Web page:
When water becomes a problem in your landscape, first decide whether the solution should be engineered or nature-based. If you are trying to protect your home from repeated, destructive water infiltration, trenches, pipes, and pumps may be the answer. In other situations, streaming or ponding water may be more a nuisance than a problem. Keep in mind that as water moves through your neighborhood and your yard, it is transporting unwanted pollutants. It’s best to keep these pollutants out of our waterways. To do this, we encourage methods to SLOW, SOAK, or STORE stormwater.


Water flowing across smooth surfaces (think asphalt, concrete, and turfgrass) picks up speed and energy that can cause erosion problems and deliver sediment and chemical pollution to our waterways. Surface runoff (sheet flow) is collected by channels, swales, or gullies and makes its way to a receiving body of water. Sheet flow can be slowed, even reduced, by the intentional placement of plants, shrubs, and trees in strips or in beds. The slowing effect of obstacles like plants and tall grasses encourage more infiltration.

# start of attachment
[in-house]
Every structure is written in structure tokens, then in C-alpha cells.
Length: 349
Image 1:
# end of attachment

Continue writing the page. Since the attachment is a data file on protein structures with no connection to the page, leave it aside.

Plants serve as obstacles to moving water. Slowing it down and encouraging infiltration into soils.


When a rain event delivers a stream of water from roadsides, rooftops, or driveways, if not contained it will gain speed and energy on its way downhill to streams. Rain gardens are excavated basins, filled with a soil mix that encourages infiltration of rainwater into groundwater. The gardens are planted with a mix of native vegetation that can thrive under drastically changing water conditions like dry periods followed by 24-72 hours of inundation.

Collecting a flow of stormwater in a basin, rain gardens slow the flow, encouraging infiltration instead of run-off to downstream waters. Planted with natives, the gardens do double duty by providing valuable habitats for insect pollinators and birds.


Rainwater can be harvested from home landscapes for non-drinking uses. Rain barrels and cisterns collect water from gutters and downspouts. Water can be drained from the containers as needed OR released into green spaces more slowly than during a rain event. This minimizes the likelihood of erosion and surface runoff pollution. Rain barrels can be custom built or purchased preassembled. Cisterns have a larger capacity and can be installed under or above ground.